Latex balloons are made from latex rubber, a naturally elastic material used to make everything from latex house paint to latex gloves. In the case of balloons, the rubber is molded into various shapes and ordinary air, or other gases such as helium, can be forced into them for expansion purposes.
Latex balloons begin life as special metal molds and a vat of liquefied latex rubber. The bulb-shaped molds are lined up in single file along a conveyor belt system. At the lowest end of the conveyor belt, the molds dip into the vat of latex and emerge with a thin coating of rubber. As the series of molds moves through the air, the latex dries and cures. A machine rolls one end of the balloon just before a controlled puff of air blows it off the mold. This rolled end allows users to inflate the balloon more easily.
After opening a package of these balloons, a user can either inflate an individual balloon by blowing air into it with his or her lungs, or by attaching it to a special canister filled with compressed air or helium. It may be helpful to stretch the uninflated balloon several times in order to reduce the amount of pressure necessary to blow it up. Latex balloons can be inflated to many times their original size, but over-inflation often leads to an explosive burst.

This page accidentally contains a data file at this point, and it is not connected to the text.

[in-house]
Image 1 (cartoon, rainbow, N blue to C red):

Unlike the Mylar or foil balloons often seen at parties, latex balloons can be stretched and manipulated into various shapes by skilled balloon artists. Long, thin latex-based balloons are usually twisted into animal shapes, flowers or even party hats by professional clowns hired for birthday parties. Traditional round balloons filled with helium may be used to form colorful bouquets or given out as treats for party guests.
Those with a sensitivity to latex or neoprene may not want to handle latex balloons directly, since the contact may trigger a reaction. Sometimes the interior of a balloon will have a powdery coating, but the powder is actually cornstarch or other non-toxic substance used as a mold releasing agent at the manufacturing plant.
Latex balloons filled with helium are often released into the air during festive occasions, but this practice is not always friendly to the environment. Once the balloons reach a certain altitude, their internal pressure becomes greater than the external atmosphere and they will eventually pop. The latex remnants can cause problems for waterfowl and other animals which may ingest them, which is why many cities now restrict or regulate any large-scale latex balloon launches.